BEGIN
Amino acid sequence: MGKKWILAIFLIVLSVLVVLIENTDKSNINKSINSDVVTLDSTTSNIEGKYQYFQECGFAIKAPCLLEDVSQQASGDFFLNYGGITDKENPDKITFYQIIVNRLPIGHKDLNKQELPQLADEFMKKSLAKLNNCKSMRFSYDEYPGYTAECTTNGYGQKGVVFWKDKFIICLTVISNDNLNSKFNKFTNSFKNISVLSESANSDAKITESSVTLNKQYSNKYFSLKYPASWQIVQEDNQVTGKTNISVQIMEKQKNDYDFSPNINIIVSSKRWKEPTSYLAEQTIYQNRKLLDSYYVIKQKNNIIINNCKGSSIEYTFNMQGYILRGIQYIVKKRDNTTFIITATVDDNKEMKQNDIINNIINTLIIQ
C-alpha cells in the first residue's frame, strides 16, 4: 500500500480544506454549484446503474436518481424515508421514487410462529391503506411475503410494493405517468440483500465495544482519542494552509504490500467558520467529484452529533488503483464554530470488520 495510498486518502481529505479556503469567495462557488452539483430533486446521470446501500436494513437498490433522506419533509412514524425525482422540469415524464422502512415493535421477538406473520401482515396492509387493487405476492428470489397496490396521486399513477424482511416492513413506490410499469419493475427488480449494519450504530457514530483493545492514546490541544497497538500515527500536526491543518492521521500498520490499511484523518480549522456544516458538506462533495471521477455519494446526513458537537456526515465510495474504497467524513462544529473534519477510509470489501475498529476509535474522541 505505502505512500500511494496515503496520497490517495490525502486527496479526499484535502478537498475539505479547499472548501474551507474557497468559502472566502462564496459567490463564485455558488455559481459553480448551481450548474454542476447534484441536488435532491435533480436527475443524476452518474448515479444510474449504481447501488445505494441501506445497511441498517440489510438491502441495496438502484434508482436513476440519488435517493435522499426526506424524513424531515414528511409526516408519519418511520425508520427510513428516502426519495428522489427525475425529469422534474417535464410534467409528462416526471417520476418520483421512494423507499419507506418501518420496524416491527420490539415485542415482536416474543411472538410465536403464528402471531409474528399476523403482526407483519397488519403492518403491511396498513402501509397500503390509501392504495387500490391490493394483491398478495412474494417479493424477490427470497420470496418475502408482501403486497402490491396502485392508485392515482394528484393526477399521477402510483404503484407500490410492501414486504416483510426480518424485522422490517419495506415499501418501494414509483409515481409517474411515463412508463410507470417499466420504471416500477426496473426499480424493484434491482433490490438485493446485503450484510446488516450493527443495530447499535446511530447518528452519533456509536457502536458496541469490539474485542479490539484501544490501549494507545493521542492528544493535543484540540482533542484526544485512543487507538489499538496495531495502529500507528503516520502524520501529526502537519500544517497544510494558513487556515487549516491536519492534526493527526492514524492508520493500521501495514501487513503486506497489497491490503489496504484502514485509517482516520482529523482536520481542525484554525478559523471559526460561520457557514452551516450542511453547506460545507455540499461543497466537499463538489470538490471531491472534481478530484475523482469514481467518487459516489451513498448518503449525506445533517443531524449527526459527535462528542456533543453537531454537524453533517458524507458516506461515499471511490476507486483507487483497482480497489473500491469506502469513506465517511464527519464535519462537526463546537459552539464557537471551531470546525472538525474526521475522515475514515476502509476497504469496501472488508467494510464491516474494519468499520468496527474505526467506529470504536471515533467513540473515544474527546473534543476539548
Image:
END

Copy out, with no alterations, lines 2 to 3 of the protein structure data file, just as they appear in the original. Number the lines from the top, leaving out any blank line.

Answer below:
C-alpha cells in the first residue's frame, strides 16, 4: 500500500480544506454549484446503474436518481424515508421514487410462529391503506411475503410494493405517468440483500465495544482519542494552509504490500467558520467529484452529533488503483464554530470488520 495510498486518502481529505479556503469567495462557488452539483430533486446521470446501500436494513437498490433522506419533509412514524425525482422540469415524464422502512415493535421477538406473520401482515396492509387493487405476492428470489397496490396521486399513477424482511416492513413506490410499469419493475427488480449494519450504530457514530483493545492514546490541544497497538500515527500536526491543518492521521500498520490499511484523518480549522456544516458538506462533495471521477455519494446526513458537537456526515465510495474504497467524513462544529473534519477510509470489501475498529476509535474522541 505505502505512500500511494496515503496520497490517495490525502486527496479526499484535502478537498475539505479547499472548501474551507474557497468559502472566502462564496459567490463564485455558488455559481459553480448551481450548474454542476447534484441536488435532491435533480436527475443524476452518474448515479444510474449504481447501488445505494441501506445497511441498517440489510438491502441495496438502484434508482436513476440519488435517493435522499426526506424524513424531515414528511409526516408519519418511520425508520427510513428516502426519495428522489427525475425529469422534474417535464410534467409528462416526471417520476418520483421512494423507499419507506418501518420496524416491527420490539415485542415482536416474543411472538410465536403464528402471531409474528399476523403482526407483519397488519403492518403491511396498513402501509397500503390509501392504495387500490391490493394483491398478495412474494417479493424477490427470497420470496418475502408482501403486497402490491396502485392508485392515482394528484393526477399521477402510483404503484407500490410492501414486504416483510426480518424485522422490517419495506415499501418501494414509483409515481409517474411515463412508463410507470417499466420504471416500477426496473426499480424493484434491482433490490438485493446485503450484510446488516450493527443495530447499535446511530447518528452519533456509536457502536458496541469490539474485542479490539484501544490501549494507545493521542492528544493535543484540540482533542484526544485512543487507538489499538496495531495502529500507528503516520502524520501529526502537519500544517497544510494558513487556515487549516491536519492534526493527526492514524492508520493500521501495514501487513503486506497489497491490503489496504484502514485509517482516520482529523482536520481542525484554525478559523471559526460561520457557514452551516450542511453547506460545507455540499461543497466537499463538489470538490471531491472534481478530484475523482469514481467518487459516489451513498448518503449525506445533517443531524449527526459527535462528542456533543453537531454537524453533517458524507458516506461515499471511490476507486483507487483497482480497489473500491469506502469513506465517511464527519464535519462537526463546537459552539464557537471551531470546525472538525474526521475522515475514515476502509476497504469496501472488508467494510464491516474494519468499520468496527474505526467506529470504536471515533467513540473515544474527546473534543476539548
Image: